Q. How has the surveying profession changed since you started, and where do you see it heading in the future? 

A. The changes are vast and far-reaching, as I mentioned in the other sections. I started my career in the early 1980s before data collectors and EDMs (electronic distance meters). We still pulled chains and turned four sets of angles on traverses. My first topographic survey was with an Alidade on a plane table for a United States Army Corps of Engineers project. I’m now using drone technology that requires an FAA license that captures more information, is more accurate and 90-percent faster. I would never have dreamed that I could program a flight from my desktop, use GNSS to establish ground control, develop state plane coordinates in real-time, then launch a drone, and in 15 to 30 minutes, complete a topographic survey of 50 acres.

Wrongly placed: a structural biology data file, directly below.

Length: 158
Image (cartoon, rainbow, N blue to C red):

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I suspect we are at another paradigm shift in the technology of surveying, like when we first started using EDMs. We will always need on-the-ground surveying. We will always need bright, energetic, and intelligent people to support the technology and find ways to do the work needed to develop, map and navigate the future.
 


Philip E. Adams, RPLS, has 34 years’ experience in the surveying industry, working in over 30 states. In October 2009, Adams founded Adams Surveying Company LLC, in Richardson, Texas. ASC serves a wide range of clientele including public, commercial, industrial, retail and residential developments. He has been a member of the Texas Society of Professional Surveyors since 1984 and is a past-president of the Dallas Chapter. Before beginning his surveying career, he served in the United States Air Force in the Civil Engineering Squadron as a Fire Protection Specialist in the Tactical Air Command.

Solo Notes is a regular feature in POB magazine and highlights the experiences and strategies of solo surveyors and small business owners. To share your story in a future issue, please email Editor Perry A. Trunick at  trunickp@bnpmedia.com.